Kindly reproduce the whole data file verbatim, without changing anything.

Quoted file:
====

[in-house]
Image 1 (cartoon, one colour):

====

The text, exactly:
[in-house]
Image 1 (cartoon, one colour):